Electrical safety is just one consideration under the much larger workplace safety umbrella, but it's an important one. Today, we'll cover a few of the biggest electrical safety risks on today's work sites and how employees can become more comfortable identifying and avoiding these risks.
The Best Solution for Workplace Safety
A lot goes into keeping your workers safe from electrical hazards. There are all kinds of details to brush up on, changing regulations to learn, and best practices to memorize--which means it's not easy to manage all these things on your own.
That's why the best solution for electrical safety--and workplace safety overall--is to invest in online training courses.
Why? Here are just a few reasons:
Consistency: When you utilize an online course to help improve workplace electrical safety, you know everyone is getting the same instruction and will be following the same rules. That way, you don't risk leaving certain employees uninformed because they missed an in-person training session.
Simplicity: Electrical safety can be a stressful topic. An online course helps simplify the details so relevant information is easier to digest and less stressful for attendees.
Accessibility: Online training courses are easy to access and give everyone the opportunity to take an active role in their own education. These courses are designed to maximize engagement while minimizing obstacles to learning.
Quality: Enrolling in an online electrical training course means you can count on high-quality workplace safety instruction across the board. Expert trainers share precise information on regulations, risks, best practices, and tips for staying safe on the job.
Electrical Safety Tips
Although an online training course might be the best way to improve electrical safety, it's also helpful to do some of your own research. Here are some of the most common electrical hazards and what you should know about each one:
Power lines are a conspicuous part of most work sites, but many employees may not realize the true electrical hazard overhead. In truth, these power lines usually aren't insulated--which means they can cause fatal electrocution, burns, and even falls after non-fatal shocks.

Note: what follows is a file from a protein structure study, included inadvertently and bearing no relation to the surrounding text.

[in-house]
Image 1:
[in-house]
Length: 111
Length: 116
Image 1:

To avoid such risks, it's best to stay at least 10 feet away from power lines at all times. Where possible, use equipment made of non-conductive material (like a wooden ladder) when working near power lines. You should also perform necessary research to identify the location of underground power lines and avoid these as well.
Extension cord failure
Extension cords are common sight on the job. However, they can sometimes represent electrical safety risks of their own. Over time, the insulation on an extension cord may become weakened or ruined, causing the exposure of dangerous wires.
Of course, you can't stop using extension cords--so the solution is to implement best practices instead. For example, look for extension cords that have been marked for "hard" or "extra-hard" usage, which indicates they'll be more reliable in tough conditions. You should also regularly review the condition of every extension cord you use, checking each one from end to end so you can identify any weaknesses or exposed wires.
It often seems efficient to plug multiple cords into a single outlet. However, this is actually a significant electrical safety risk. That's because electrical systems have a maximum current amount, and exceeding this amount means the system is no longer working properly or safely.
The best way to avoid this is to avoid overusing outlets. However, since outlets aren't always in convenient places, it's sometimes necessary to use a circuit breaker or fuse so you can plug more cords into a single outlet without overloading the system. Both options will shut off the electrical current if an overload is detected.
Rain is perhaps the most obvious type of wet condition, but it's not the only electrical safety hazard of its type. High humidity, standing water puddles, and even sweat can also cause dangerous conditions.
To avoid these hazards, always be on the lookout for any kind of moisture that might make it unsafe to use electrical equipment. It's also important to have equipment inspected if it gets wet.
All elements of workplace safety--especially electrical safety--are critical for your work site. However, these elements can be difficult to manage, especially if you need to educate a large group of employees with different schedules. That's why online training courses are the best way to make workplace safety a priority and help employees brush up on best practices, requirements, and more.
Interested in electrical safety courses? Contact us today to choose the option that works best for you.